Wednesday Auction

I see a No. 6 plane will be auctioned locally. It just says No. 6 in front of the knob. I couldn't locate any other proprietary marks (maybe it was made by Stanley for the Bridge Tool Co.)?
http://www.patented-antiques.com/images/cyntools/XX-c-tools-on/c-planes-d/m-planes/br6c/PA280373.JPG
It doesn't look as good as the one in the pic, but it appears to be the same model. There is a little rust on the edges of the bottom. I thought it might complement my #4, #5, and #8--though I read at Patrick's Blood and Gore page that it was sort of "redundant"--being a lighter weight jointer. It doesn't feel quite as good in my hand as my #8 for sure, it could just be the replacement handle. The screw in the knob appears to go down awful far too--like the knob needs to be replaced. Any comments about this plane? Remember that statement about not being able to have too many clamps? Maybe it applies to planes too? : )
Bill
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Bill wrote:

http://www.patented-antiques.com/images/cyntools/XX-c-tools-on/c-planes-d/m-planes/br6c/PA280373.JPG
In spite of Patrick's opinion of the #6, it's one of my favorite planes; probably the one I reach for most often. It just feels right in my hands; not *heavy* like a jointer, but with more heft than a standard #5 jack, which I think most people would reach for in the same circumstances.
It's hard to make a recommendation on whether you should snag that particular plane without knowing more about it; pictures would help. As far as it not feeling right in your hands, the shape of the tote could be a definite factor. Even if it's a Stanley original, there are many variations and I'm pretty particular about fitting all my planes with the variety I like best.
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Steve Turner wrote:

Thanks Steve. I think you are right. The shape of the handle is one of the reasons it doesn't feel quite right. I'll keep considering it.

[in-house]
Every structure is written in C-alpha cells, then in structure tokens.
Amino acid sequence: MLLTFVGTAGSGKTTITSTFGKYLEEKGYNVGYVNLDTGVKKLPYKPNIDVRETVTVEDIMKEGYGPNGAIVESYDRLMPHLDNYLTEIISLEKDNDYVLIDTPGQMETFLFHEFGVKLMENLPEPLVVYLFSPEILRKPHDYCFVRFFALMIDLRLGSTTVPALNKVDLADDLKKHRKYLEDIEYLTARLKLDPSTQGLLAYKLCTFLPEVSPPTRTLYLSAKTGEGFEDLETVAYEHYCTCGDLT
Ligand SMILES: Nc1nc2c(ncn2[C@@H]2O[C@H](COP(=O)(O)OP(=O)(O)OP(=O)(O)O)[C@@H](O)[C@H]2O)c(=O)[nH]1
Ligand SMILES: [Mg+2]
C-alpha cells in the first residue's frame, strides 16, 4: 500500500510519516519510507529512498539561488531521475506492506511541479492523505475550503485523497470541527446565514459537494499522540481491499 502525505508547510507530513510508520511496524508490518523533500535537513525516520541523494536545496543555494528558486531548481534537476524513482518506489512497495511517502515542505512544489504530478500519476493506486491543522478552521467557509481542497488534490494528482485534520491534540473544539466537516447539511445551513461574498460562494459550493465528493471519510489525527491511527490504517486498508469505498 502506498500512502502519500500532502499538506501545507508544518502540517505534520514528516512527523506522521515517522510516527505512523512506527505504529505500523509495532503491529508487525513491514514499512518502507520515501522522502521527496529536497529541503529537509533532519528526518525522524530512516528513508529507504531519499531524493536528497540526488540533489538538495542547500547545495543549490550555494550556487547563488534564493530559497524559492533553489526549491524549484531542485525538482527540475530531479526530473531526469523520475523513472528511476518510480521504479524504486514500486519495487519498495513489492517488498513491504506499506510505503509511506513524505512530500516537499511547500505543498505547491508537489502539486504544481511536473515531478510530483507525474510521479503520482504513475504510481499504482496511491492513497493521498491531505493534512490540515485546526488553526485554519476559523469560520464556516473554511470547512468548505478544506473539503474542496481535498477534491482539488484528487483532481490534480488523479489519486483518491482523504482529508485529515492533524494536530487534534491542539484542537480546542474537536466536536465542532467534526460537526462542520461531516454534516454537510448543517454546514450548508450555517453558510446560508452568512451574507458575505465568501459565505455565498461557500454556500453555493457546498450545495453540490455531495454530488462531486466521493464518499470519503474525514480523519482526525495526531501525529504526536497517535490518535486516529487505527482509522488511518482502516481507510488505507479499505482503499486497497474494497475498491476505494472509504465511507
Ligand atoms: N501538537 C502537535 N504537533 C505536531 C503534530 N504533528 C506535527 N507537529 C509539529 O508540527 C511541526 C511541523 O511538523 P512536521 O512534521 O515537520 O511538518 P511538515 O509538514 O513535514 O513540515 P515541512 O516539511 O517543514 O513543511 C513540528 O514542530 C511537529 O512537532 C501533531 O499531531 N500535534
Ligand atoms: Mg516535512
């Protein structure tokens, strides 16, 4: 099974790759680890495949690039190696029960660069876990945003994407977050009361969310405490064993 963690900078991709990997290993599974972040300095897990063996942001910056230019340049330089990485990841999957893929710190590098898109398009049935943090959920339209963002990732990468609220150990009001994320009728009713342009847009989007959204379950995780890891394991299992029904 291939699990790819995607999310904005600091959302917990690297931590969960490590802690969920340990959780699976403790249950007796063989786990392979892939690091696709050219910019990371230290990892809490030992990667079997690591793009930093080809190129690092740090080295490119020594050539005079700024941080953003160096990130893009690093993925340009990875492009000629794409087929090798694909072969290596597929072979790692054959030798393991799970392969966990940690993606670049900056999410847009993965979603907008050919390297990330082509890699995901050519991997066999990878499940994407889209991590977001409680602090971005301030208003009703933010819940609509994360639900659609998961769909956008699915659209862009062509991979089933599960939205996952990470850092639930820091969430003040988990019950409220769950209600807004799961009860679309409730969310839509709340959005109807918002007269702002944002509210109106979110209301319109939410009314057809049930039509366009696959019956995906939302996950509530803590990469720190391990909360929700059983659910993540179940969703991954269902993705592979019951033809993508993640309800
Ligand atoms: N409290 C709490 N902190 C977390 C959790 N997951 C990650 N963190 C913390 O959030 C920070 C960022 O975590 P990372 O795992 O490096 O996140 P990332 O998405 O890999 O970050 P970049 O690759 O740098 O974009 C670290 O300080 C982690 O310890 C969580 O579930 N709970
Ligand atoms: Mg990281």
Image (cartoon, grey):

Bill
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Re: subject line
How much is Pugsly requiring for an opening bid?
And, does Morticia know about this?
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Well, I submitted an "offer-range" which I believe will be enough.

I explained that I'm "collecting" them now, like antiques, and I expect that they are a good investment. Hardcopy of the Grizzly catalog arrived in the mail today.. : )
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I finally got it..... duhhh..... :)
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No "maybe" about it.
Luigi
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http://www.patented-antiques.com/images/cyntools/XX-c-tools-on/c-planes-d/m-planes/br6c/PA280373.JPG
I secured the plane.
The old planes remind me that I won't walk the earth forever and represent some ideals that have value to me. They are grand.
That brings my collection to #4, #5, #6 and #8, so I'll be on the lookout for some of the shorter ones.
In case you may be in the market, I was surprised at how many different RubberMaid containers, with lids, they had at Meijer (major retailer). I bought one for about $10 that was 26" long and about 16" wide and about 5" high that should work well for storing the planes (and other similiarly-sized metal tools) inside in the winter. I'll just wrap each plane with cloth of some sort. I was pleased with the price and quality of the container, so I just thought I'd share that information.
Bill (trying to make the world a safer and neater place by gathering the planes that have been left behind...)
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I put at least a buck's worth of thought into that poem and no replies at all! ;) About 2 years ago, when my dad was dying of cancer in the hospital, I brought my new Groz handplane (in the box) on one of my visits with him to share what I was up to. I was reading Garrett Hack's fine plane book then and my dad enjoyed looking at that too. So I guess the moral is, like I was just informing my wife, "Keep track of where you put your tools, or they will be useless to you...". Thank you Dad.
Bill
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